Figure 1. Computed tomography scan or magnetic resonance imaging scan before (A,C,E) and after (B,D,F) low-dose decitabine combined with camrelizumab therapy in these 3 cases. Tumor lesions are indicated by red arrows.

In September 2017, the patient was prescribed low-dose decitabine (10 mg/day, days 1–5) combined with camrelizumab (200 mg, day 6) treatment every 3 weeks for 6 cycles. After 2 cycles of combination treatment, a CT scan showed that the number of mediastinal lymph nodes, right bronchopulmonary hilar lymph nodes, bilateral supraclavicular lymph nodes, left axillary lymph nodes, and retroperitoneal lymph nodes reduced significantly. The metastatic lesions in the bilateral adrenal glands, bones, and liver shrunk dramatically (Figure 1B). Irritating cough of the patient was alleviated significantly.

After 6 cycles of treatment, a new hypoechoic mass was found in the patient's back, which was confirmed from NSCLC metastasis by pathology. The patient discontinued low-dose decitabine combined with camrelizumab treatment due to disease progression. Tumor mutation load decreased from 7.83 to 0.1 Muts/Mb, TNB decreased from 3.72 to 0.03 Neos/Mb, and low MSI status and HLA-C LOH events remained unchanged during treatment. The patient complained of occasional mild nausea. The grade 3 anemia (serum hemoglobin: 70 g/L) and grade 2 nausea according to the National Cancer Institute Common Terminology Criteria for Adverse Events (CTCAE, version 4.0), was detected and could be rectified by symptomatic treatment. After the disease progressed, the patient was transitioned to hospice care and died of lung infection in April 2018.

Case 2

A 74-year-old woman without a prior history of smoking was hospitalized for pain in the right lower chest wall. CT scan detected multiple nodules in the right lung accompany with mediastinal lymph nodes, liver, and pleural nodules metastases. Pathology of right lung mass suggests lung adenocarcinoma. Molecular testing of tumor tissues revealed EGFR 858R and EGFR T790M mutations. Results for other common carcinogenic gene mutations and rearrangements were negative. In April 2016, the patient was diagnosed with stage IV lung adenocarcinoma. She was prescribed gefitinib for 7 months, then she switched to osimertinib, which obtained stable disease in 1 month, and disease progress in 3 months. She was given pemetrexed for another 2 cycles, but discontinued the treatment due to excessive gastrointestinal reaction intolerance. Besides, she was also subjected to microwave ablation of the liver. In September 2017, a CT scan revealed enlarged pulmonary and pleural nodules (Figure 1C). Exon sequencing results of the metastatic pleural nodules revealed low TMB (2.49 Muts/Mb), low TNB (1.55 Neos/Mb), low MSI, and positivity for HLA LOH. In the same month, the patient received low-dose decitabine (10 mg/day, days 1–5) plus camrelizumab (200 mg, day 6) every 3 weeks for 7 cycles. The mediastinal lymph nodes, liver, and pleural nodule metastases dramatically shrunk after 2 cycles of combination therapy (Figure 1D). Besides, her pain in the right lower chest wall also improved obviously after 2 cycles of treatment. After 7 cycles of treatment, the lung CT scan showed enlargement of the right lung and pleural lesions. She stopped low-dose decitabine combined with camrelizumab treatment due to disease progression. During combined therapy, TMB increased from 2.49 to 2.98 Muts/Mb, TNB decreased from 1.55 to 1.32 Neos/Mb, and the MSI status and HLA LOH events remained unchanged. The patient admitted to having moderate fatigue and vomit. The clinician assessed that he had experienced grade 2 fatigue and grade 2 vomit in terms of the CTCAE (version 4.0), and the adverse events were tolerable. Finally, the patient died of multiple organ failure in May 2019.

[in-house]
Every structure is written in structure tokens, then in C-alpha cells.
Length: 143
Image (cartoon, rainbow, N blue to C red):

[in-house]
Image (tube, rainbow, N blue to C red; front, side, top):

Case 3